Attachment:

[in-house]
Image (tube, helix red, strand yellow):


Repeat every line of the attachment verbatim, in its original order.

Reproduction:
[in-house]
Image (tube, helix red, strand yellow):